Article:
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6ah and 9ah battery coming!!!


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still not brushless...hmmmm

Found a "heavy duty news" PDF on the uk site that showed an interesting page on the 9ah battery. It showed what tools they are considering it for and it shows a miter saw!!

Really?  Because ego makes 56V x 2.0AH batteries (well technically 50.4V)   The thing is to get the most efficiency, power output, voltage input, and motor size should all scale together, so

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The 9ah is a good idea. Wish more companies would come out with a XL battery

I don't see much point in lugging around super sized batteries.  Even for tools that need a higher current draw I'd rather stick two regular packs on than have a 9.0 sitting around just for that tool.

 

It's like Milwaukee is trying to work up to a 36V line that's still labeled under M18.

 

Edit: I guess I can understand it in cases where you have enough batteries to have some dedicated for high power tools, but in my situation it's not a good solution.  Actually one of my favorites things about Makita is the 18x2 platform so I can really run everything on one battery platform.

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I would rather have 2 4.0 or 5.0 batteries over a 9.0 besides how far away from power would you have to be to have 9.0 versus 4.0 and how much will that actually be gained cost wise?

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I don't see much point in lugging around super sized batteries.  Even for tools that need a higher current draw I'd rather stick two regular packs on than have a 9.0 sitting around just for that tool.

 

It's like Milwaukee is trying to work up to a 36V line that's still labeled under M18.

 

Edit: I guess I can understand it in cases where you have enough batteries to have some dedicated for high power tools, but in my situation it's not a good solution.  Actually one of my favorites things about Makita is the 18x2 platform so I can really run everything on one battery platform.

 

Agreed, it's a very good solution and I can't think of a good reason why others haven't copied this idea.

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Personally im hoping Makita will combine the 18x2 platform with 9amp batteries for new cordless tools like: 10/12 inch miters. 9" grinders, sds max hammers, table saws, chainsaws.

36v brushless motors will give the power. 2x 9.0 amps will give a long runtime that is needed in my opinion for these tools to functions as replacements of corded tools ( in most cases )

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Other than mostly stationary tools like a cordless miter saw, I'd rather have one 9ah than two 5ah. It would have you a lot on weight. Yes the 9ah are heavier but not a heady as two 5ah. I'd use a 9ah in my fuel 7 1/4 or fuel sawzall on demo day.

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i would put a 9.0 in a fuel skilsaw, or the sawzall, I don't have either tool yet but if I was going to get them I would buy a 9.0 for them. I have 2 2.0 and 1 5.0 for my fuel impact and drill I use the 5.0 in my drill for when I need a bucket of 20 minute drywall mud or a bucket of tile glue... I can mix about 5 buckets worth on a full charge which is a lot better than the 2 I get with the 2.0 ones. the 9.0 would mix any bucket I needed in a day but if I mix more than 5 buckets I would pull out the cord and a mixer drill. I like the cordless for quick use, where I need to go from mixing a bucket to drilling holes for drains or vents. and even plumbing. the 5.0 lasts me a week with a full charge most cases. so going to the 9.0 for me right now would be pointless. however, the circ saw or recip saw would be able to make the choice easier on the 9.0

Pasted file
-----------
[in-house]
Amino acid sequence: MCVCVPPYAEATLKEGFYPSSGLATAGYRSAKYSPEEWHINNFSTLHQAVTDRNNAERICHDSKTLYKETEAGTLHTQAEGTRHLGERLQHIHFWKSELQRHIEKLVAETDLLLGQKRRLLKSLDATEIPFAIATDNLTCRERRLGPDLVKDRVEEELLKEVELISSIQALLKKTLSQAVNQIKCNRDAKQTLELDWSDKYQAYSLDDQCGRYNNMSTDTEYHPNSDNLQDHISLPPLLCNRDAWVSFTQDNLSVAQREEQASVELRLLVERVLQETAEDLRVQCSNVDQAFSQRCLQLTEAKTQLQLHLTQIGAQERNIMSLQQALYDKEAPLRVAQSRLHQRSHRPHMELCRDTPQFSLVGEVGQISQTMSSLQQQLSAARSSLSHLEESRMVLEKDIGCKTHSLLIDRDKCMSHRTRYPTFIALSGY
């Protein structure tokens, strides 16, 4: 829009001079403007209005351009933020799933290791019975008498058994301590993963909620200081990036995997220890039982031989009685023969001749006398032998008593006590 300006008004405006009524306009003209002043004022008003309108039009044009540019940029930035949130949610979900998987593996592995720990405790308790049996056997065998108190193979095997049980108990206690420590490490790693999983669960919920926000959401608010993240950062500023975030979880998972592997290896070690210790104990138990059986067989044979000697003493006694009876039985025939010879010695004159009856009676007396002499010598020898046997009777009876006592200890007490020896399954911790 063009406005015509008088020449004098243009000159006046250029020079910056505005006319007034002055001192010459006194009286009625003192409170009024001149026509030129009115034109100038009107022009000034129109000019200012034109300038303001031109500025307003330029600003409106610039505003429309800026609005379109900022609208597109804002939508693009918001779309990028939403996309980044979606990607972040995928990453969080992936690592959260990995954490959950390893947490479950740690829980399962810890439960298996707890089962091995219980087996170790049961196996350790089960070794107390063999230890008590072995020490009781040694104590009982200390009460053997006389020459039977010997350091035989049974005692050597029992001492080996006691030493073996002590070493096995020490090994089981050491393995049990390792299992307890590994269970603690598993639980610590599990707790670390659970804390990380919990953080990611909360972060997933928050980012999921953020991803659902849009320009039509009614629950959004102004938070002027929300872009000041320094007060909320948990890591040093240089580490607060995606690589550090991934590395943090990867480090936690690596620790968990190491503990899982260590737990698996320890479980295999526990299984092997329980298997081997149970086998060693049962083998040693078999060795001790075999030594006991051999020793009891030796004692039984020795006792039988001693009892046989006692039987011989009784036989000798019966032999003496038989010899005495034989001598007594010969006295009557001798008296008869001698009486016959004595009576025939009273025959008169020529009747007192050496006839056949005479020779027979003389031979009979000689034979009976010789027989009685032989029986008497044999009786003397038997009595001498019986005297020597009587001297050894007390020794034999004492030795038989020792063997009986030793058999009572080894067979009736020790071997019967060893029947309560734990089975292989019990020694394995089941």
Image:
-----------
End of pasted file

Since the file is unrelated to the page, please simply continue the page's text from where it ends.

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i would put a 9.0 in a fuel skilsaw, or the sawzall, I don't have either tool yet but if I was going to get them I would buy a 9.0 for them. I have 2 2.0 and 1 5.0 for my fuel impact and drill I use the 5.0 in my drill for when I need a bucket of 20 minute drywall mud or a bucket of tile glue... I can mix about 5 buckets worth on a full charge which is a lot better than the 2 I get with the 2.0 ones. the 9.0 would mix any bucket I needed in a day but if I mix more than 5 buckets I would pull out the cord and a mixer drill. I like the cordless for quick use, where I need to go from mixing a bucket to drilling holes for drains or vents. and even plumbing. the 5.0 lasts me a week with a full charge most cases. so going to the 9.0 for me right now would be pointless. however, the circ saw or recip saw would be able to make the choice easier on the 9.0

Unless I'm doing some heavy drilling I'd probably stick with the 5.0, but for the saws, even the band saw, new lights, sds drills, the higher cal batteries would be good. As long as the price isn't redo cultus I'll probably pick up a 6.0 and maybe a 9.0.

Jimbo

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Unless I'm doing some heavy drilling I'd probably stick with the 5.0, but for the saws, even the band saw, new lights, sds drills, the higher cal batteries would be good. As long as the price isn't redo cultus I'll probably pick up a 6.0 and maybe a 9.0.

Jimbo

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I forgot about the lights! But again price could be an issue... If they have a price point of anywhere near $180 I'd be okay with it. Considering the 5.0 are at $150 here at the local HD.